An adequate healthcare strategy starts with listening to my body
I wrongly attribute symptoms to PNH when I should be paying more attention
As a patient with paroxysmal nocturnal hemoglobinuria (PNH), I experience a variety of symptoms every day. In a previous column, I discussed my most common symptoms, such as fatigue, headaches, and shortness of breath, but the list is much bigger.
Sometimes it’s hard for me to figure out the cause of what I’m feeling. A headache, for example, could be the result of my hormones and menstrual cycle or because I didn’t drink enough water that day. Yet I’ll automatically assume it was caused by PNH. The result is that I neglect my body by dismissing what I’m feeling.
I received a wake-up call about this during an appointment, when the doctor suggested that I should see a cardiologist. I had explained how my shortness of breath was continuously worsening, which diminished my quality of life. I thought it was because I’d switched treatment from Soliris (eculizumab) to Ultomiris (ravulizumab-cwvz). My doctor acknowledged that it could be due to my body adjusting to the new medication, but he wanted me to see a cardiologist to make sure nothing else was going on.
Delay, then worry
At first, I dragged my feet making the appointment, because I didn’t think it was urgent. With my imaginary medical degree, I thought shortness of breath was normal for this disease and nothing could be done about it. The holiday season and my toddler running around were both keeping me busy, and the appointment slipped through the cracks.
The next time I saw my hematologist, he reiterated that he wanted my heart looked at and mentioned possible issues that could be going on. His main concern was pulmonary hypertension (high blood pressure in the blood vessels). At that point, I realized the severity of the situation, and I finally made the appointment with the cardiologist.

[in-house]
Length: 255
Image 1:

I had an echocardiogram and wore a heart monitor for three days. Before my follow-up appointment to discuss the testing, the results were posted at the online patient portal I had access to. Of course, I was curious to try and interpret the results before speaking to the doctor, which probably wasn’t a great idea.
The results indicated abnormalities that the doctor later said he wasn’t worried about. The heart issues indicated by the testing are minor and probably aren’t related to my shortness of breath, which was a huge relief. However, in the time between reading the results and seeing the doctor, I was upset and worried that something was wrong.
Sometimes I believe I’m invincible to other health issues because I already have PNH. But when I was upset about the results from the cardiologist, I realized how incredibly wrong my approach was. I don’t get a pass on other health issues just because I have PNH, and I need to take everything I feel just as seriously as I do with PNH.
Moving forward, I will be more conscientious about how I’m feeling. If things are happening that aren’t attributable to PNH, I should seek medical attention when appropriate. I will start having regular checkups again with my other doctors, including my dermatologist, gynecologist, and dentist, because they are just as important to my health as my hematologist is.
So here’s to a healthier me, beyond PNH!
Note: PNH News is strictly a news and information website about the disease. It does not provide medical advice, diagnosis, or treatment. This content is not intended to be a substitute for professional medical advice, diagnosis, or treatment. Always seek the advice of your physician or other qualified health provider with any questions you may have regarding a medical condition. Never disregard professional medical advice or delay in seeking it because of something you have read on this website. The opinions expressed in this column are not those of PNH News or its parent company, BioNews, and are intended to spark discussion about issues pertaining to paroxysmal nocturnal hemoglobinuria.